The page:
Investing in commodity stocks may be as Canadian as maple syrup, but thanks to volatility, the results aren’t always as sweet. David Picton, president and portfolio manager for Canadian equities at Picton Mahoney Asset Management in Toronto, identifies trends that could help investors make better commodity picks.
“Canadian commodity stocks form a large part of the Canadian benchmark, though less so than in years prior, especially in the mining-related sectors where most [Canadian] companies have been consolidated into much larger behemoths around the world,” he says.
As a result, Picton looks to benefit from both broader commodity trends and company-specific changes, saying he likes stocks “where supply and demand dynamics are improving, where cap-ex has been constrained over time, and where companies have gone about their business to improve […] operations.”
Copper and zinc stocks fit the bill. They’re “poised to have a better recovery process,” says Picton, whose firm is one of three managers of the Renaissance Canadian Growth Fund. “They have done the bulk of their cap-ex from yesteryear, [and] excess supply has dwindled from the system. In zinc, in fact, we’re approaching more deficit positions at a more aggressive rate than a lot of people thought.”
Oil exhibits a different dynamic, indicated by “the decline in cost of producing within the U.S., combined with a new belief — although it’s early — that we’re not going to use as much oil perhaps in the auto industry [as …] in the past,” says Picton.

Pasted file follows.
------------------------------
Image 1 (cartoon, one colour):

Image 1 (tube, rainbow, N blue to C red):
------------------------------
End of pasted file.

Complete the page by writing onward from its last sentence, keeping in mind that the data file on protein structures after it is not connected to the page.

Though he expects the oil market to balance as a result of OPEC actions, this new secular headwind means oil stocks aren’t acting as they should. “In fact, they’re acting much worse than we thought they would,” he says. So he’s reduced his position. “There’s a good chance for a bounce, but we’re more concerned about longer-term secular forces.”
Within energy, Picton prefers natural gas stocks because they’ll “power this new electric revolution that we’re supposedly going to go through.” Also, they “still have improving supply-demand dynamics, especially relative to raw crude oil.”
Gold, traditionally used in portfolios as a hedge against loss, is a tougher call. “It’s interesting that with the breakdown in the U.S. dollar, gold stocks haven’t acted particularly well,” says Picton, who intends to monitor the situation. “This might be a story later in the cycle, as we get closer to perhaps a negative feel or influence on the overall market, where gold stocks reassert themselves.”
On August 15 the global gold sector was a weak performer that weighed on the S&P/TSX Composite Index, with The Canadian Press attributing its fall at market close to the strengthening greenback and tensions between the U.S. and North Korea.